Factfulness review: The miracle of human progress
Is a tendency towards negativity, fear and blame preventing us from seeing all the good in the world?
By: Uma Mahadevan-Dasgupta
As district medical officer in Mozambique, Hans Rosling discovered a previously unknown paralytic disease. Later, he became a professor of international health, co-founded Médecins Sans Frontières in Sweden, and a renowned public educator. His TED talks have been viewed over 35 million times.
Rosling was also a sword swallower, having learned the skill from a patient. Often, he would do a small show at the end of a lecture: “to demonstrate in a practical way that the seemingly impossible is possible,” he notes in his book Factfulness.
It’s human tendency to be bored with stories of everyday incremental progress, and to focus on the negative — for which the state of the world in the 21st century provides much material. So much is in fact terrible and heartbreaking: the refugee crisis, melting glaciers, plastic in the ocean. From pandemic breakout to climate change, there are real dangers to be concerned about.
Why the bleak view?
But so much more seems to be wrong, and not getting better. This has made cynics of most of us. In Factfulness, Rosling suggests 10 instincts that prevent us from seeing real progress in the world. These include the tendency to negativity, fear, and blame. He also describes the ‘straight line’ instinct, by which he means the tendency to view trends as unchanging. But as he shows, not all changes in the world happen in this way.
The most dramatic chart in the book shows the average number of babies per woman from 1800 to today. It is not a straight line: more like a slide in a playground. Over the last 50 years this number has dropped from five children per woman to below 2.5. As child mortality reduced, as families came out of extreme poverty, as women and men got more years of education, as access to contraception increased, people were able to feed their children better and send them to school — and thus had fewer children.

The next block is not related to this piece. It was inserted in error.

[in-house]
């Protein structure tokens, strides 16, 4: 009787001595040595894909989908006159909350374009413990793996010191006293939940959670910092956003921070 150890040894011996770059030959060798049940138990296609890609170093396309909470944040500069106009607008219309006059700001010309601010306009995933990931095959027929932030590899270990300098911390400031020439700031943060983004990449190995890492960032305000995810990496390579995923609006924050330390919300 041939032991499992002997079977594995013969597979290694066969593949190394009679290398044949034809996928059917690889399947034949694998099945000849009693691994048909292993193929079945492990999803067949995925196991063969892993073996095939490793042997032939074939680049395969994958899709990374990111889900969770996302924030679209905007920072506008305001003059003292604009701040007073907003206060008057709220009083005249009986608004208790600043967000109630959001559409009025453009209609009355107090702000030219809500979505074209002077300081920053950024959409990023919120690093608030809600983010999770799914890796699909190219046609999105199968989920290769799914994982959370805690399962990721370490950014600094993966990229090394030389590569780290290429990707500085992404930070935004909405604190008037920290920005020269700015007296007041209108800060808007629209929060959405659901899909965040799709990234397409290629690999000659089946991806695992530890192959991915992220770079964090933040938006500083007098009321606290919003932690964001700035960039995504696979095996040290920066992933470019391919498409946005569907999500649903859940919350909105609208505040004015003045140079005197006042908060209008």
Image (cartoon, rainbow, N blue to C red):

When things get better, Rosling notes, such as the decrease in child mortality across the world, it is not just because of heroic individuals, but systems. Lots of people working together at the frontlines in a sustained way, every day, over the long term, to bring the incremental changes that, together, constitute progress.
The India connection
Rosling’s life has a special India connection: he studied public health at St. John’s Medical College, Bengaluru, and qualified as a doctor in 1976. He describes his first lesson there as a fourth-year medical student: “How could they know much more than me? Over the next few days I learned that they had a textbook three times as thick as mine, and they had read it three times as many times. I suddenly had to change my worldview: my assumption that I was superior because of where I came from, the idea that the West was the best and the rest would never catch up.”
Family stories are also a part of the book, contributing to its personal tone. As a child, he remembers his father taking him every Saturday, by bicycle, to hospital to visit his mother who had tuberculosis. “Daddy would explain that if we went in we could get sick too. I would wave to her and she would wave back…”
But the story didn’t end sadly. “A treatment against tuberculosis was invented and my mother got well. She read books to me that she borrowed from the public library. For free. I became the first in my family to get more than six years of education, and I went to university for free. I got a doctor’s degree, for free. Of course nothing is free: the taxpayers paid.”
Another story describes how a washing machine changed their lives. “My parents had been saving money for years to be able to buy that machine. Grandma, who had been invited to the inauguration ceremony, was even more excited. She had been heating water with firewood and hand-washing laundry her whole life.”
Family, education, advances in health care, tax-funded social security, labour-saving devices, functioning democracies: these are all things to be grateful for. And a way of showing appreciation would be to read the data, because otherwise we would be missing the entire picture.
The book is the product of enormous research, but the tone is light rather than ponderous. It makes a complicated world appear simple, without foolish optimism, stereotypes or cliché.
Factfulness is densely illustrated with charts and pictures, including the inside covers, but at the heart of the book is Rosling’s ability to listen, discuss and learn from other people everywhere.
Published after Rosling’s death, the book was written while he was under palliative care for pancreatic cancer. It is a book about his life and ideas, but it is also about how to pay attention to the world.
Courtesy The Hindu